While Congress has been out of session, there have been a number of activities occurring at the regulatory level of significance to public natural gas systems and other natural gas consumers.
APGA joined a joint comment letter in January in response to the proposed rule. The comment letter expressed concern that failure to qualify municipal bonds as HQLA would reduce the appeal of municipal securities for banks to underwrite them, which would increase borrowing costs for public natural gas systems, state and local. In its meeting to approve the rule, the Federal Reserve communicated that in response to the concerns raised by APGA and others that utilize municipal bonds, they are working on a proposal to include some municipal bonds as HQLA at a later date.
In the letter, APGA communicates that revenue bonds and general obligation bonds are critical tools utilized by public natural gas systems for investments in infrastructure as well as for the long-term purchases of natural gas supply. The letter also communicates APGA’s view that investment grade municipal bonds satisfy the criteria that has been established for eligibility within the definition of HQLA eligibility and urges their inclusion within the definition. Lastly, the letter states that failure to include these bonds within the definition would reduce the appeal for banks to underwrite them, ultimately increasing borrowing costs for public natural gas systems and increasing costs for their customers.
A copy of the letters sent to the Governors of the Board of the Federal Reserve System can be viewed on the APGA website at www.apga.org/correspondence.
In addition, on October 22, APGA and the American Gas Association (AGA) sent a letter to Secretary Moniz at the Department of Energy (DOE) expressing strong concern in regard to the potential of DOE moving forward with a rule that would mandate a national condensing standard for natural gas furnaces. DOE approved a Direct Final Rule (DFR) in 2011 that mandated an increase in annual fuel utilization efficiency (AFUE) from 78 percent to 90 percent for natural gas furnaces installed in 30 northern states. The federal minimum efficiency for natural gas furnaces was also increased from 78 percent to 80percent in southern states. Under the DFR process, unless DOE received adverse comments which they believed provided a reasonable basis for withdrawing the DFR, the rule and its minimum efficiency standards would stand as the new efficiency standards. Despite receiving comments opposing the standards from over 30 stakeholder groups including APGA, DOE ruled that it did not receive adverse comments warranting withdrawal of the DFR and rule went into effect. APGA opposed the DFR and filed a petition in court which resulted in the withdrawal of the DFR via a mediation settlement.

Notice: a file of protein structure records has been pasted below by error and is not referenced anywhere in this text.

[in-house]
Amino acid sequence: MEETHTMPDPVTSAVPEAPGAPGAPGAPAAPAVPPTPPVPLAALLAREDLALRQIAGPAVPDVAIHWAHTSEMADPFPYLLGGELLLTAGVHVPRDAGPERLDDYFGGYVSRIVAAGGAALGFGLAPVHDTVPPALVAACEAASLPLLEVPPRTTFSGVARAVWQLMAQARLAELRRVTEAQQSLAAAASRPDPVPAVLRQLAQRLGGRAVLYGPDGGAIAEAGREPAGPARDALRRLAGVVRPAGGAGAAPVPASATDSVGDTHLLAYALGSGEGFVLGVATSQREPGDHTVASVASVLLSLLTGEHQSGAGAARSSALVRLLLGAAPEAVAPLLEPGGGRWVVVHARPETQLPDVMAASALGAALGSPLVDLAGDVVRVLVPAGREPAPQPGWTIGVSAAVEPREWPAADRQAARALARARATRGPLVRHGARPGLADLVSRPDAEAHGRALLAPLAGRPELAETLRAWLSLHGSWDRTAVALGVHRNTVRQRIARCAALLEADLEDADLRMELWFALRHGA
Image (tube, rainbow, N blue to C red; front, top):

The furnace rule in the DFR, in an attempt to increase energy savings, would inadvertently have deterred consumers from purchasing more efficient direct use natural gas appliances due to the high upfront costs associated with the only furnace type (condensing furnaces) that could meet the DFR-established 90 percent standard. Consequently, consumers would be incented by the DFR to buy electric appliances that are initially cheaper to install, but ultimately less efficient and therefore more costly in the long term.
In the letter to Secretary Moniz, APGA and AGA express concern regarding the potential impact of a national condensing standard for natural gas furnaces. The letter further communicates that a national condensing standard could “prove to be the first energy efficiency standard issued in the history of the Department that has the real-world impact of increasing our nation’s overall energy consumption and carbon footprint.” As a potential solution, the letter urges DOE to establish separate product classes for non-condensing and condensing furnace technologies as “this approach would largely eliminate pressure on consumers to switch from natural gas to electric space and water heating equipment when condensing natural gas furnace options are not viable alternatives.”
The letter to Secretary Moniz was accompanied by a white paper that further articulated the benefits of establishing separate product classes and the precedents for doing so by DOE on a number of other products.
For questions on APGA’s legislative and regulatory actions, please contact Dave Schryver by phone at 202-464-2742 or by email at email@example.com.